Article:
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### Topic: What is, generally, the difference between Sigma-Delta DACs and PWM? (Read 5126 times)previous topic - next topic

#### arduinoman121

##### May 22, 2013, 06:25 pmLast Edit: May 22, 2013, 06:44 pm by arduinoman121 Reason: 1
After looking online and reading through some complicated terminology and mathematics, I still can not effectively distinguish between PWM and Sigma-Delta DACs. I know that Sigma-Delta is faster, more accurate and efficient (but why? How? How is the sampling different, and what does each do that makes them so different?)

#### MarkT

#1
##### May 22, 2013, 08:53 pm
PWM has a fixed frequency and a resolution limited by the clock cycles per PWM cycle.

With Sigma-delta the input value is summed to an error register and the output subtracts
from that register - in effect there is a feedback loop trying to keep the error within bounds,
and the input resolution is decoupled from the output resolution.

You can use single-bit output, in which case the proportion of ones in the output (averaged
over time) is proportional to the input value (which can be 16 or more bits if you want).  The
frequency of the output is not constant and usually the signal needs converting to analog
with a very tight-spec charge-summing stage (the precise timing of the clock edges is all-important
in getting good linearity).

But you can also use PWM as the output, say 8-bit PWM out, 16 bits in, and the error value
has its top 8 bits pushed out to the PWM every PWM period - the lower order bits are still
accounted for and provide high resolution at low bandwidth.

In general sigma-delta trades bandwidth for accuracy (clock has to run a lot faster than the
sample rate).

Real converters use more tricks and are more complex, but the basic idea is to maintain
an error value and use negative feedback to keep the accumulated error small.
[ I will NOT respond to personal messages, I WILL delete them, use the forum please ]

#### arduinoman121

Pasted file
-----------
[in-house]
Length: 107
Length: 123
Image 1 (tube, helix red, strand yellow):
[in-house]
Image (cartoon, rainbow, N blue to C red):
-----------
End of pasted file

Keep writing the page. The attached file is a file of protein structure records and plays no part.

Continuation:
#2
##### May 29, 2013, 07:59 pm

PWM has a fixed frequency and a resolution limited by the clock cycles per PWM cycle.

With Sigma-delta the input value is summed to an error register and the output subtracts
from that register - in effect there is a feedback loop trying to keep the error within bounds,
and the input resolution is decoupled from the output resolution.

You can use single-bit output, in which case the proportion of ones in the output (averaged
over time) is proportional to the input value (which can be 16 or more bits if you want).  The
frequency of the output is not constant and usually the signal needs converting to analog
with a very tight-spec charge-summing stage (the precise timing of the clock edges is all-important
in getting good linearity).

But you can also use PWM as the output, say 8-bit PWM out, 16 bits in, and the error value
has its top 8 bits pushed out to the PWM every PWM period - the lower order bits are still
accounted for and provide high resolution at low bandwidth.

In general sigma-delta trades bandwidth for accuracy (clock has to run a lot faster than the
sample rate).

Real converters use more tricks and are more complex, but the basic idea is to maintain
an error value and use negative feedback to keep the accumulated error small.

Thank you! very thorough and informative, I appreciate your time.

#### retrolefty

#3
##### May 29, 2013, 08:28 pm

After looking online and reading through some complicated terminology and mathematics, I still can not effectively distinguish between PWM and Sigma-Delta DACs. I know that Sigma-Delta is faster, more accurate and efficient (but why? How? How is the sampling different, and what does each do that makes them so different?)

A DAC generates a true DC analog output voltage directly. A PWM outputs a digital signal of fixed frequency and a variable duty cycle. They are two drastically different output signals used in different ways. A PWM signal can be made to generate a true DC analog output voltage if followed with a proper passive or active low pass filter.

Lefty

#### arduinoman121

#4
##### May 30, 2013, 06:54 pm
Quote

A DAC generates a true DC analog output voltage directly. A PWM outputs a digital signal of fixed frequency and a variable duty cycle. They are two drastically different output signals used in different ways. A PWM signal can be made to generate a true DC analog output voltage if followed with a proper passive or active low pass filter.

Lefty

Ahh so correct me if I'm wrong, in analog half of 5v is 2.5v, 50% brightness of an LED. A DAC would output 2.5v to the LED making it half brightness, But PWM outputs an on and off signal fast enough to appear at 50% brightness?

#5
##### May 30, 2013, 07:33 pm
Yes. PWM is 0-5V signal.
analogWrite(pinX, 127);
would output a squarewave at ~490Hz frequency that was 0V half the time, and 5V half the time.
490Hz = ~2mS period, so 1mS low, 1mS high.
Vs a DAC sitting at 2.5V.
DACs can not generally supply 20mA of current tho.  There are some exceptions.
Designing & building electrical circuits for over 25 years.  Screw Shield for Mega/Due/Uno,  Bobuino with ATMega1284P, & other '328P & '1284P creations & offerings at  my website.

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